So when we moved to our little town in Ohio, the county seat, I did not realize how much of a Thing going to the fair would be. Everyone here goes to the fair; some of my friends have kids who are part of 4H and such. The fairgrounds are right in town, just a few blocks away (a nice walk). And the school kids here get two days off from school for the fair!
(These guys were butting heads.
Who do they think they are, goats?)
When we first moved here and Dexter was little, we went to the fair every year. Our attendance is more hit-and-miss of late, and this year we went without the boy--who went with his friends. (Good lord, going to fair with his parents would be about the last thing he wants to do these days! Plus, Patrick and I held hands, which I'm sure he would have found mortifying.)
The purported highlight of our particular county fair is the Little Brown Jug harness race. I've never been to the race itself. (Admission is expensive that day, plus there's the whole "I teach all day on Thursdays" thing.) I'm a little suspicious of the racing industry anyway, having grown up in Maryland. I'd rather visit the horses who live at the fairgrounds during non-fair time, saying hello on one of my walks or bike rides. For us, the attractions of the fair have been the rides, the food, and the farm animals.
(People attach lawn chairs to the fence along the race track months ahead of time
to claim good seats for the race.
I think these have been there for a while...)
The rides are what you would expect--carnival rides, some for little kids and some for daredevils. One year, Dexter was finally big enough to go on the non-kiddy rides, about which he was VERY excited. We chose one for all three of us that looked pretty innocuous: everyone sat side-by-side in a row, and the thing moved the row of chairs back and forth for a while, then around in a circle. There was no upside-down-ness involved, so I thought it would be okay.
(One of Dexter's favorite rides from days gone by...)
I've never felt so sick in my life! Since then, we have mostly avoided the rides.
Way in the back of the fairgrounds, there's a place for the tractor pull (which we can usually hear, late into the night, at our house), demolition derby (which always reminds me of the end of this book), school bus races (which are just as awesome as you'd think they are) and lawnmower races.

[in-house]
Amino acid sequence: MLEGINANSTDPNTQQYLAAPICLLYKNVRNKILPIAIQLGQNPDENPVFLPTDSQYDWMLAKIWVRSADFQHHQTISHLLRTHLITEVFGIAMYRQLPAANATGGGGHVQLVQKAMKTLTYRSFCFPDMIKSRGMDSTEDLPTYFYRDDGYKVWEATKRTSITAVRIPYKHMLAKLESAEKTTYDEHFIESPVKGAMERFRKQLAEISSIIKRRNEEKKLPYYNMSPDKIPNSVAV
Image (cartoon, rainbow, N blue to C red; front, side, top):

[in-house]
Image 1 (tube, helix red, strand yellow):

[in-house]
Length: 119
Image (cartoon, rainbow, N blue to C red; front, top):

(This year's parade of lawnmowers
before the races got underway.)
Somewhere in my files I have a picture of my pants leg, splattered with mud from the demolition derby. It was exciting!
Our county fair is full of contests--best corn and soybeans, best rhubarb, best tomatoes, best photography, best quilt (several categories), best pig, best chicken... too many to name. It's fun to look at the winners.
(I'm guessing these looked more delicious
on the day they were judged...)
(This was one of my favorite quilts from this year.)
(Confession: I entered my knitting one year and won a blue ribbon! But, truth be told, there wasn't a lot of competition. I had all sorts of ideas about how to reform the contest so it would tap into the hundreds of women in our county who knit all sorts of beautiful things... But then I remembered: I am the egghead outsider. I need to just calm down. Maybe later, after I've been here a while, I can offer my newfangled ideas to the folks who've been doing this their whole lives...)
I think, for some people, the contests are the whole point of the fair, especially the animal contests (which seem to include some serious if good-natured competition). But us? We wouldn't know the difference between a Bantam and a Rhode Island Red; we just like to look at the animals.
Of course, being a fiber person, I'm less interested in the neatly shaved sheep and am more interested in ones like these:
(These ladies were the only fleece-still-on of the bunch.)
And here's what I really see when I look at them:
(Don't you want to just bury your fingers in those curls?
Or is that just me?)
There are always some fancy chickens.
(I swear there's a chicken underneath that outfit.
Doesn't he look proud of his blue ribbon?)
And it's entertaining to walk amongst them while they crow and cluck.
This year, the stroll amongst the rabbit cages took a turn to the dangerous...
(I can't help but notice she's wearing a lot of eye makeup...)
And then to the positively macabre!
(And yet she/he looks so cute, not at all like a zombie.)
This year, in the tent that's all about farm animal babies, instead of eggs that would be hatched during the fair (one of my favorite things), they had a bunch of already-hatched chicks and ducklings. They are cute as heck, but I kind of liked the excitement of possibly seeing an egg hatch while you were there.
All in all, it was a fun visit. Which of course included the requisite fried food. (It's just unpatriotic to go to the fair and shun the funnel cake. I draw the line at the deep-fried Snickers bars, though.)
(Maybe she opted for the deep-fried Snickers...)
It's the last day of the fair today, which means Fall is really here. I hope the new season is bringing you some time to reflect on your harvest. Do you have a county fair where you live?